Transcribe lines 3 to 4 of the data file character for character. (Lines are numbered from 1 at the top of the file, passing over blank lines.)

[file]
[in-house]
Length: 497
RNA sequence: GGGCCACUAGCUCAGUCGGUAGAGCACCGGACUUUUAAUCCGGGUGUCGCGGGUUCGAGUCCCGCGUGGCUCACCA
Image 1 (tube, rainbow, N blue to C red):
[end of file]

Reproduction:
RNA sequence: GGGCCACUAGCUCAGUCGGUAGAGCACCGGACUUUUAAUCCGGGUGUCGCGGGUUCGAGUCCCGCGUGGCUCACCA
Image 1 (tube, rainbow, N blue to C red):